1. How are assets and liabilities measured under IAS 39?
According to IAS 39, Financial Instruments: Recognition and Measurement, financial instrument are to be stated at their ‘fair value’- defined as ‘the amount for which an asset could be exchanged, or a liability settled, between knowledgeable, willing parties in an arm’s length transaction’.
‘If the market for a financial instrument is not active, an entity establishes a fair value by using valuation technique….(including) discounted cashflow analysis and option pricing models,’ says IAS 39.
‘A gain or loss on a financial asset or financial liability classified as at fair value through profit or loss shall be recognized in profit or loss.’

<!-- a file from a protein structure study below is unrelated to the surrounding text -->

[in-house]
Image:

2. What impact according to the author, will fair value accounting have on the balance sheet and income statement?
As far as financial instruments are concerned, fair value accounting is notable for its closeness to the long-cherished academic ideal of ‘income as present value growth’. The possible objection can there be to fair value accounting, IAS 39 looks like a passport to the promised land of ‘truth and Fairness of view’.
Using fair value accounting make reporting the financial statement in the real condition even it was had a great impact of the economic condition such as the financial position of a company who had the impact of national inflation. In accounting we still need to present all the financial position based on the economic reality so all the stakeholders as a user of the financial statement can knew exactly the real condition of a company.
So, accounting as current economic reality is balance sheet and income statement should be based on a valuation basis that is more reflective of economic reality rather than historical costs. Focus on current and future prices.
3. What measurement requirement of historical cost accounting is violated ?